According to North Korean State media, Supreme Commander King Jong-Un has expressed approval of a Pyongyang factory that is producing the country’s first smartphone – or “hand phone” as the device is referred to in the roughly-translated news release.
According to Pyongyang’s mouthpiece Korean Central News Agency (KCNA), “He highly appreciated the creative ingenuity and patriotic enthusiasm with which the officials and employees of the factory laid a solid foundation for mass-producing hand phones by building a new modern hand phone production process.”
The DPRK’s first smartphone is called the AS1201 Arirang, named after a popular folk song that is also referred to as Korea’s unofficial national anthem. The phrase also refers to the mass games currently underway in the North.
“Looking at the trademark ‘Arirang’ inscribed on the hand phone, he noted that mass-production of goods with DPRK trademark can instill national pride and self-respect into the Korean people,” said KCNA.
According to photos of the handset, it is powered by a specially-modified version of Google’s Android operating system – with security considered paramount.
“[Kim] praised [factory staff] for developing an application program in Korean style which provides the best convenience to the users while strictly guaranteeing security,” the KCNA stated.
No specs or features were included in the KCNA release, but it claimed that the new handset’s “camera function has high pixels.” It has a rectangular shape and thick letterboxing around the screen. It also appears thick and heavy compared to current, even last-generation, smartphones.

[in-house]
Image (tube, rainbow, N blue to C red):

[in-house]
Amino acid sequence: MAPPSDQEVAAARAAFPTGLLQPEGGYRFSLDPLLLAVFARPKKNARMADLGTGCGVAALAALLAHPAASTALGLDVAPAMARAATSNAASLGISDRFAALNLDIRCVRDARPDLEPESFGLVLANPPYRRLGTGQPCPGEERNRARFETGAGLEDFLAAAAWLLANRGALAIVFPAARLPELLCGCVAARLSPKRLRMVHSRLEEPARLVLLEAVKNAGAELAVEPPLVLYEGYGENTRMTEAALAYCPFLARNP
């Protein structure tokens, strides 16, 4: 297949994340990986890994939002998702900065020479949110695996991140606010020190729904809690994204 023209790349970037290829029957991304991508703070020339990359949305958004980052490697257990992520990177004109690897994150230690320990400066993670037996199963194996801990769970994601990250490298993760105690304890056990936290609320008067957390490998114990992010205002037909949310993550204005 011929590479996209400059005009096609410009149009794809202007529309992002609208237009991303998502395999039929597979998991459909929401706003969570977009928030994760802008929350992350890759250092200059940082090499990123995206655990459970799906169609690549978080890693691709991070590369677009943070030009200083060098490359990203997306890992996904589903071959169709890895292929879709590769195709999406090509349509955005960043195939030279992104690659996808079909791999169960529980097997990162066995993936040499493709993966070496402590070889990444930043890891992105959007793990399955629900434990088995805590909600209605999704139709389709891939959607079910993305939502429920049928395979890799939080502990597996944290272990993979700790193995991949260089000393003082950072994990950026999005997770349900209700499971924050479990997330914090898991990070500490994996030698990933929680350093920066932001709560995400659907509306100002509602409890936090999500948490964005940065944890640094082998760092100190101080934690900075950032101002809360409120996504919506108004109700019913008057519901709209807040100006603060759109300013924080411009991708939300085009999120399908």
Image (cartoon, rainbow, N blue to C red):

Citing North Korea’s “woefully underdeveloped” technology sector – coupled with the fact that KCNA’s Kim-centric photos lacked any assembly-line shots – many tech industry commentators are doubting claims that the phone is actually manufactured in North Korea.
“One likelihood with this North Korean Arirang phone is that all the parts are actually made in China, and final assembly is done in North Korea. Or, possibly, the whole smartphone is made in China, and only the final boxing is done in the rather sparse plant that Kim Jong-un toured,” wrote Steven Millward, Tech in Asia’s China editor.
Thanks to a partnership with Egyptian firm Orascom, North Korea has about 2 million mobile phone users. However, only domestic calls can be placed. In a country that ranks at the bottom for Internet freedom, many are left scratching their heads at the real-world practicality of a DPRK smartphone.